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Medicine & Science in Sports & Exercise:
doi: 10.1249/MSS.0b013e3182496a25
Clinical Sciences

Physical Activity Increases Bone Mineral Density in Children with Type 1 Diabetes

MAGGIO, ALBANE B. R.1,4; RIZZOLI, RENÉ R.2; MARCHAND, LAETITIA M.1; FERRARI, SERGE2; BEGHETTI, MAURICE3; FARPOUR-LAMBERT, NATHALIE JACQUELINE1

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Abstract

Introduction: Osteoporosis is a growing health problem in patients with type 1 diabetes mellitus (T1DM). The aim of this study was to determine the effects of a 9-month weight-bearing physical activity program on bone mineral density (BMD) and bone biomarkers in T1DM compared with healthy children.

Methods: This was a randomized controlled trial including 27 diabetic and 32 healthy children (mean age = 10.5 ± 2.5 yr). Both T1DM and healthy participants were randomized to either an exercise or a control group (i.e., four groups). At baseline and 9 months, total body (TB), lumbar spine (LS2–LS4), femoral neck, and greater trochanter areal BMD (aBMD) and serum bone biomarkers (osteocalcin, type 1 collagen cross-linking) were measured. The intervention consisted of two 90-min sessions per week of weight-bearing physical activity (ball games, jumping, rope skipping, and gymnastics).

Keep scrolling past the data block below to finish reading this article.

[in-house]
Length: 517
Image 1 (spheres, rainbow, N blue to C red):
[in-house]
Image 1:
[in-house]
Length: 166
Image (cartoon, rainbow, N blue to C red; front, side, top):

Results: Baseline variables were similar among groups. At 9 months, changes in TB (T1DM = 0.035 ± 0.022 g·cm−2, healthy = 0.031 ± 0.017 g·cm−2) and LS2–LS4 (T1DM = 0.046 ± 0.038 g·cm−2, healthy = 0.063 ± 0.034 g·cm−2) aBMD were statistically significant in the intervention groups and of similar magnitude between T1DM and healthy subjects. The level of type 1 collagen cross-linking (T1DM = −0.12 ± 0.32 ng·mL−1, healthy = −0.36 ± 0.11 ng·mL−1) decreased in the intervention groups but was not associated with TB aBMD changes.

Conclusions: Regular weight-bearing physical activity (180 min·wk−1, including ball games, jumping activities, and gymnastics) improves total and LS2–LS4 bone mineral accretion in children with T1DM, in a similar magnitude to healthy subjects. We conclude that children with T1DM should be encouraged to practice regular physical activity to enhance peak bone mass and prevent osteoporosis later in life.

©2012The American College of Sports Medicine

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